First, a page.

• © Jim Paris, New Jersey, December 2008
  • Adult breeding

    Snowy Plover

    Adult breeding
    • Black collar patch, ear patch, and upper forehead
    • White forehead, eyebrow, throat, and collar
    • Pale brownish gray crown and upperparts
    • Short black bill
    • © Mike Baird, bairdphotos.com, Morro Bay, California, December 2006
  • Adult breeding

    Semipalmated Plover

    Adult breeding
    • Smooth grayish brown crown and upperparts
    • Black mask and upper forehead
    • White forehead; white throat and collar
    • Single black breastband
    • Short orange bill with black tip, orangish legs
    • © tsiya, St. Johns Co., Florida, April 2008
  • Adult breeding

    Ruddy Turnstone

    Adult breeding
    • Rufous and black mottled upperparts
    • Pale head, black and white patterned face and neck
    • Black breast pattern
    • © Bob Baker, Virginia, September 2007
  • Adult nonbreeding

    Ruddy Turnstone

    Adult nonbreeding
    • Reddish mottled upperparts
    • Black breast pattern
    • Indistinct brown and white face pattern
    • © Kevin Bolton, New Jersey, November 2008
  • Adult breeding

    Piping Plover

    Adult breeding
    • Very pale brownish gray upperparts
    • White forehead, eyebrow, collar, and underparts
    • Single black breastband and upper forehead
    • Short orange bill with black tip, orangish legs
    • © Billtacular, West Cape May, New Jersey, May 2007
  • Adult breeding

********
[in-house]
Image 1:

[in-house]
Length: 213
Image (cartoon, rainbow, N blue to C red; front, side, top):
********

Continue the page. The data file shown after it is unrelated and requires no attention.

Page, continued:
Piping Plover

    Adult breeding
    • Single black breastband and upper forehead
    • Short orange bill with black tip, orangish legs
    • Very pale brownish gray upperparts
    • © Billtacular, West Cape May, New Jersey, May 2007

Similar Species

Killdeer are larger and lankier than Semipalmated and Wilson's plovers; the double breast band distinguishes adult Killdeer from these two species (and all other plovers). However, juvenile Killdeer have only one breast band and are often confused with these two species. Be sure to watch for signs of downy plumage, and look for the Killdeer to have pinkish legs and an all-black bill. Keep habitat in mind, too: if your bird is in a dry, grassy field, it's much more likely to be a Killdeer than any other plover.

Backyard Tips

Doesn’t visit feeders, but if your backyard or neighborhood contains expansive, cultivated lawns or grazed fields then you could find Killdeer foraging on your property.

Find This Bird

Killdeer are surprisingly unobtrusive even on green lawns, despite their warm tawny coloration. Look carefully over lawns, short-mown fields, and even parking lots, and listen for the far-carrying kill-deer. (When you hear this call, the bird may be in flight. Look for it circling you, flying stiffly on long, pointed wings. It may resemble an American Kestrel, at least until it lands on the ground and begins walking.) Though they're often found on dry land, you should also look for them on the edges of freshwater ponds and muddy lagoons.

Get Involved

You can help scientists learn more about this species by participating in the Celebrate Urban Birds! project.

Report observations of nesting birds to NestWatch

You Might Also Like

Visit the NestCams archives to watch killdeer at their nest.

Q & A: What to Do with a Lost Baby Killdeer

A Naturalist's Notebook: Displaying Killdeer, Living Bird, summer 2013